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Who Can Use District Energy?

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District energy (also known as Community Energy) uses an underground network of insulated pipes to deliver thermal energy (in the form of hot water, steam or chilled water) from a central plant to heat and cool a cluster of buildings, such as those in an industrial park, hospital, university, large hotel/convention centre, factory or neighbourhood. 

In some cases, turbines used to create thermal energy to heat and cool buildings also generate electricity which is sold into the electricity grid. By producing both heat and power from the same facilities in our communities, district energy plants achieve tremendous energy efficiencies and reductions in greenhouse gas emissions.

Buildings or neighbourhoods that are part of a district energy system do not need to own or operate their own furnaces, boilers, air conditioning systems or cooling towers resulting in space savings and reduced capital costs.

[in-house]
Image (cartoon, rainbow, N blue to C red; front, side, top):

Types of Buildings that Can Connect to a District Energy System

  • Industrial

    • New and existing industrial facilities
  • Institutional

    • Educational institutions
    • Health care facilities
    • Government facilities such as City Hall, municipal buildings, arenas, recreational facilities
    • Places of worship
  • Commercial

    • Large commercial buildings such as retail stores, theatres, office buildings, etc.
    • Multi-building developments such as malls, professional buildings, etc.
  • Residential

    • Single-family dwellings in close proximity to each other
    • Multi-residential buildings such as apartment complexes, condominiums or townhomes with at least three stories


For more information:

District Energy - Frequently Asked Questions

The New District Energy: Building Blocks for Sustainable Community Development
Manual produced by the International District Energy Association